— Lawrence Taylor struck fear into opponents. Just ask Joe Theismann.
Those unfortunate enough to face the Hall of Fame linebacker knew to brace for contact and pain. So you might assume that Taylor, in response to a question about which athlete he would pay to watch play, would select someone similarly menacing and frightening.
Someone his own size.
He chose a competitor who simply strikes a little white ball, playing a gentleman's game.
"Tiger Woods," Taylor said. "That's it. Tiger Woods. There are a couple of basketball players, but mostly Tiger Woods. Because he plays his game like it's supposed to be played. He takes no prisoners. Every time he steps out on that golf course, he feels he is the best player out there.
"And I used to do the same thing my first five, six years in the league, when I stepped out on the field."
It turns out that Taylor wasn't exactly stepping out on a limb. In fact, when NBCSports.com posed that same question to more than 40 current and former athletes and coaches during the past year, Woods was the overwhelming winner ... as he is most weekends on the course, when healthy.
Others mentioned prominently were Michael Jordan, Muhammad Ali Bill Russell and Alex Rodriguez, but Woods dominated the conversation.
Woods is recovering from knee surgery, and could return as early as March. When he does, athletes and coaches in other sports will be nearly as excited as executives on the PGA Tour.
And if you ever wondered whether Woods, as a golfer, qualifies as an athlete, that question is settled by the reverential terms in which team-sport athletes regard him.
Maybe it's because so many have struggled to master the game Woods plays.
Like Indianapolis Colts defensive end Dwight Freeney.
"Tiger Woods," Freeney said. "Because I can't golf. And he can."
Veteran Miami Heat center Alonzo Mourning was "bitten by the golf bug" three years ago, and "now that I'm getting into it, I can truly realize how difficult what he's making look easy, how difficult that is. Shoot, I would pay to watch him anyday."
The only guy who comes close for Mourning? Former Boston Celtics center Russell. "To get 20 rebounds, 30 rebounds, consistently like that, come on, man."
Heat guard Dwyane Wade grew up admiring Jordan who, even though retired, was the choice of Boston Red Sox catcher Jason Varitek, St. Louis Rams quarterback Trent Green, New England Patriots halfback Laurence Maroney and Dallas Cowboys cornerback Terence Newman.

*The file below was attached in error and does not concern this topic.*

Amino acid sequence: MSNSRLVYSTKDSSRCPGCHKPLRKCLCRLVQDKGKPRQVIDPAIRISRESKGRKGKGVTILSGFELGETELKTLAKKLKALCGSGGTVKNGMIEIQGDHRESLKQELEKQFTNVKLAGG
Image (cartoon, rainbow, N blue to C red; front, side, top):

"But right now, I'd go pay to see Tiger," said Wade, the 2006 NBA Finals MVP. "I mean, to see his greatness. To watch what he did in (the 2008 U.S. Open), put him up there, no question, with the best of all time. A lot of people don't know how hard a sport golf is."
Aaron Rodgers does. That's why the Green Bay Packers quarterback says, "If I could walk with him, I'd pay whatever."
"If there could be five people in the world who I would want to meet, he'd be one of them," University of Tennessee basketball coach Bruce Pearl said. "The way he keeps raising the bar is fascinating to me.''
Future Hall of Famers in basketball (Jason Kidd) and football (Jonathan Ogden) picked Woods.
College stars such as Notre Dame basketball guard Kyle McAlarney picked Woods: "I watched what he did recently [in the U.S. Open] and I was thinking to myself, 'Wow.' And then it comes out that he had a torn ACL and a fractured tibia. That's amazing. That's impressive. I would definitely pay to see him."
And yes, baseball All-Stars, such as Minnesota Twins closer Joe Nathan and Tampa Bay Rays first baseman Carlos Pena, chose Woods, too.
"He's unbelievable to me," Pena said of Woods. "You have 250 guys going into a tournament. These guys are good. It's amazing to me that over and over and over again, with 250 guys, he's almost always in first place.
"Amazing! Everybody is getting the same test. His level of dominance is crazy. It's like he's in his own little world."
What do athletes and coaches most admire?
"I love his focus on the golf course and his demeanor," renowned tennis coach Nick Bollettieri said. "He's always complimentary of the game.
"When he's asked how he's doing, he says it in a very humble way, but a very proud way. He puts a lot of time and effort into it. He's an inspiration for boys and girls on how to act on the golf course. For that matter, on how to act on the tennis court.''
Yes, focus. That's what Butler basketball coach Brad Stevens cited. Same for Baltimore Ravens tight end Todd Heap: "I would pay to watch that. Because that's what every athlete tries to do."
That's what impresses Milwaukee Bucks coach Scott Skiles: "I would pay to watch Tiger in person. Because his skill and will are so superior. I would like to go to the Masters or British open to watch him."
That's why John Tortorella, a former NHL coach, chose Woods, even though he isn't a golf nut.
"He's an athlete I love to watch, but I hate the sport," Tortorella said. "I think he's the most mentally tough athlete ever. I love watching him. I never watch golf until Sunday, when everybody's chasing him. I think his mental toughness ... there's no one like that.''
Few have come close to that focus. Jordan was one. But even a basketball guru like Louisville coach Rick Pitino calls Woods "the greatest athlete of all time — of any sport."
Some couldn't decide between Jordan and Woods. Even Gators disagreed.